• Shabbat Shuvah: The Sabbath of Return
  • The Day Before Yom Kippur
  • Yom Kippur
  • Kol nidrei: The Eve of Yom Kippur
  • The Morning of Yom Kippur
  • Musaf Service
  • Afternoon Service
  • Neilah: the Last Appeal
  • The Conclusion of Yom Kippur
  • Sukkot
  • The Sukkah
  • The Four Species
  • The First Night of Sukkot
  • The First Two Days of Sukkot
  • The Intermediate Days of Sukkot
  • Sabbath During the Intermediate Days of Sukkot
  • Hoshana Rabbah
  • Shemini Atzeret
  • Simhat Torah
  • The Month of Heshvan
  • The Month of Kislev
  • Hanukkah
  • The Customs of Hanukkah
  • The Synagogue Customs of Hanukkah
  • The Month of Tevet
  • The Tenth of Tevet
  • The Month of Shevat
  • Shabbat Shekalim: The Sabbath of the Shekel Tax
  • The Month(s) of Adar
  • Shabbat Zakhor: The Sabbath of Remembrance
  • Purim
  • The Customs of Purim
  • Shabbat Parah: The Sabbath of the Red Heifer
  • Shabbat Hahodesh: The Sabbath of the Month
  • Wedding
  • Concepts and Artifacts of Betrothal and Marriage
  • Modern Weddings
  • Circumcision
  • Pidyon haben: The Redemption of the Firstborn Son
  • Bar and Bat Mitzvah
  • The Background of Bar and Bat Mitzvah
  • The Customs of Bar and Bat Mitzvah
  • Death and Mourning
  • At the Time of Death
  • Preparation of the Corpse
  • The Funeral and Burial
  • Mourning
  • Notes and Bibliography
  • Transliterations and Translations
  • Page Notes
  • Other Works Consulted
  • Acknowledgments
  • Index
Review by Booklist Review

Beginning in the late fourteenth century, The Book of Customs, a compact guide to the Jewish year, was published in Yiddish, the Jews' vernacular at that time in Europe. For nearly four centuries, elaborate editions were created, and it was among the most popular Jewish books in the European Diaspora until it disappeared by the end of the nineteenth century. Using the 1593 Venice edition as a model, Kosofsky added a number of discursive elements, including introductions to the book's major divisions and concepts, descriptions of all of the prayers and many of the Bible readings, a general chapter on Jewish law and custom, and one on Jewish prayer to explain how the daily prayer rituals are performed. Also added are chapters on customs and holidays that weren't mentioned, or didn't exist, in 1593, such as bar mitzvahs and the Holocaust Remembrance Day. This first English translation, as important as it is delightful, includes reproductions of many of the original woodcut illustrations that are housed in the libraries at Oxford and Harvard universities.--George Cohen Copyright 2004 Booklist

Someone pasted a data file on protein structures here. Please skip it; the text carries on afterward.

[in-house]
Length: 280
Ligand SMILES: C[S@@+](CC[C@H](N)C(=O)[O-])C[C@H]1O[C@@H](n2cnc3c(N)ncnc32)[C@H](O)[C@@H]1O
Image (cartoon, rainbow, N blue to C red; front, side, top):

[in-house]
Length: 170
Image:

From Booklist, Copyright (c) American Library Association. Used with permission.
Review by Publisher's Weekly Review

In Europe from the 16th to the 19th centuries, popular ?books of customs? brought Judaism down to the level of ?Every Jew.? These books dealt with holidays, life-cycle rituals, weekly Sabbaths and daily prayers. Written in Yiddish, they were illustrated with woodcuts that showed how to observe the rituals and liturgies that composed day-to-day Judaism. Kosofsky, who stumbled upon one of these books while an undergraduate at Harvard, adapts several such guides for modern usage here, including all of the original woodcuts. (He also reproduces the title page from a 1593 edition that promises to teach readers ?how to live like a good person? and boasts its superiority to all previous versions.) Kosofsky?s book is interesting both as a history lesson?12 of the woodcuts depict monthly farming activities, for example, showing how agricultural Jewish life was a few centuries ago?and a spiritual guide for modern readers. As Kosofsky demonstrates, a ?book of customs? does as good a job today of ?helping its readers feel comfortable and competent in the Jewish world? as it did hundreds of years ago. (Oct.) Copyright 2004 Reed Business Information.